Tony Soprano and social amoebae have one thing in common: They only trust family. When things get tough, the single-celled organisms gang up with their closest relatives like any cutthroat mobster would, a strategy that may protect them from swindlers, new research shows. Scientists say the slimy cooperation may shed light on how some of the earliest social behavior first evolved.
The social amoeba Dictyostelium discoideum usually lives alone, dining on bacteria in the forest soil. When food becomes scarce, tens of thousands of neighboring amoebae meld into a blob--about a third the length of an eyelash--that slithers much farther than any amoeba could on its own. When the slug reaches a warm, sunlit locale, the aggregate transforms into a fruiting body: About 20% of amoebae sacrifice themselves to form a rigid stalk, hoisting their comrades upward as a ball of spores. These lucky amoebae hitch rides on the fur of passing mammals to reach greener pastures. The martyrs of the stalk wither and die.
To the stalk! Some 10,000 starving Dictyostelium cells coalesce and begin to wiggle.
(Credit: Thomas Gregor/Princeton University)
The strategy seems ripe for cheaters. After all, amoebae that shirk their stalk duty have a better chance of survival--and are more likely to pass their deceitful ways on to the next generation. Yet cheaters haven't overtaken the species, so something must be keeping them honest.
A team led by biologists Elizabeth Ostrowski of Rice University and Mariko Katoh of Baylor College of Medicine, both in Houston, Texas, wondered whether that something might be nepotism. In certain insect species, for example, workers "sacrifice" themselves for the good of their relatives so that some of their shared genes are passed on. The researchers gathered 14 strains of wild amoebae and measured how closely related they were to a common laboratory strain of D. discoideum. Then, they mixed each wild strain with the laboratory amoebae, which had been engineered to glow green under fluorescent light.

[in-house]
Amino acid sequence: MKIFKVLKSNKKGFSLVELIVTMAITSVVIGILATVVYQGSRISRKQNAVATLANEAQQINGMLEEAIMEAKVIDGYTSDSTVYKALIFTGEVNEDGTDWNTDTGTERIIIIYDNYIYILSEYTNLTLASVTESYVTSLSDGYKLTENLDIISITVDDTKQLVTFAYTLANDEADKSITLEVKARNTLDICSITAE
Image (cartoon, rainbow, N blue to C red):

After the starving amoebae assembled into slugs and formed fruiting bodies, the researchers noticed something intriguing. When the lab strain was mixed with a close relative, the groups gathered into evenly blended fruiting bodies, with about half of the spores coming from each strain. When distant relatives were mixed, however, they segregated during aggregation, resulting in fruiting bodies that were dominated by either one strain or the other.
Excluding nonrelatives from the fruiting body is an effective way to limit cheating, says Ostrowski, because the genome of nonrelatives is unknown and thus more likely to harbor cheating mutations. Plus, relatives gain by helping each other out, as they pass on similar genes to the next generation. "If you end up making a sacrifice for the common good, it's likely that you're doing it for individuals you're related to," she says. The results appear online today in the journal PLoS Biology.
"This work is pretty compelling evidence that even these simple unicellular organisms are capable not just of distinguishing self from nonself but even between close and distant relatives," says evolutionary biologist Richard Grosberg of the University of California, Davis. The findings contribute to our understanding of how some of the earliest organisms may have balanced cooperation with self-interest, he says, essential traits for social behavior.